However, if you are willing to take it slowly and help them gain a better perspective on their possessions, you might want to include them.
Tell them the process up front. Be willing to accept that they might not love some of the toys that you might. They may really want to keep certain things you might consider junk. My kids frequently surprise me with what they do and don’t want to keep.
If you work with your kids, try to keep your initial sessions short and promise them something fun when you’re done, even if it’s playing a board game or a movie night.
Decluttering shouldn’t be a miserable process for anyone!
How many toys are too many?
This question will depend on how much storage space you have and how much patience you have for cleaning up (and hopefully supervising your kids as they clean up). I’ve never aimed for a certain number of toys; instead we just try to keep what we love and ditch the rest. And we encourage things from this list of non-toy gifts for birthdays and Christmas to keep the clutter from returning.
Of course new toys do find their way into the house.
Plus, kids eventually outgrow their favorites. So you’re likely going to have to declutter periodically. If you have a nostalgic attachment to some toys like baby items and toys from your childhood, you might need extra motivation to go through those things. Here are some tips for decluttering sentimental items.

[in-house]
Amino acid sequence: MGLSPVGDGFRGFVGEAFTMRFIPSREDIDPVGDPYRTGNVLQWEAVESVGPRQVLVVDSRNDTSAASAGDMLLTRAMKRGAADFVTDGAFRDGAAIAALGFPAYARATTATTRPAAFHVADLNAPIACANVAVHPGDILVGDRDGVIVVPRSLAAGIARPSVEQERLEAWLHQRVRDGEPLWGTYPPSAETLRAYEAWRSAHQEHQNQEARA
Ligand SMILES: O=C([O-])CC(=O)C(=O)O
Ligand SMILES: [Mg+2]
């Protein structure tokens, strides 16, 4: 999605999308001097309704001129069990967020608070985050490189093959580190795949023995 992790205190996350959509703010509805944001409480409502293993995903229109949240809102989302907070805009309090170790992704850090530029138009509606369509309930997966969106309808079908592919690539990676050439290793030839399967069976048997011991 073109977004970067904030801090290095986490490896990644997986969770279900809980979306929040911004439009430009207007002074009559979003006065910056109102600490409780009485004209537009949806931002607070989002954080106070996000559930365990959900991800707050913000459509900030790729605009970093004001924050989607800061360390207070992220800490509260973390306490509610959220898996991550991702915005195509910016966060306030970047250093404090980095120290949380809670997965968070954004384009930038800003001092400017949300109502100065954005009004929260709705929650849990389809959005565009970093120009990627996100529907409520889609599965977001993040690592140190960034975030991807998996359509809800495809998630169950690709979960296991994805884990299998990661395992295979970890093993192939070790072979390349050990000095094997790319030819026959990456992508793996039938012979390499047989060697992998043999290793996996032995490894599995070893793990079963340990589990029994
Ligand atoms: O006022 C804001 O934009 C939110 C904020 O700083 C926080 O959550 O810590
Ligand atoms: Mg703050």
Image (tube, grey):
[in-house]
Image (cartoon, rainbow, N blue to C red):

Not all my kids are so enthusiastic about decluttering as my 4 year old.
But they all know the drill. We recently decluttered hoodies and books as well. How on earth can one family have so many hoodies? I have no idea, but now our number is down a bit.
To recap, here’s how you declutter toys:
- Pick a category, not too broad. Collect everything in that category.
- Gather garbage bag and 2 laundry baskets
- Pick up each item and decide whether to trash, pass on or keep.
- Get rid of the trash and things you’re not keeping
- Put the remaining toys away
Why should you declutter your kids toys?
I shared 14 reasons over at the Humbled Homemaker blog. Things like more play, more contentment, and easier cleanup!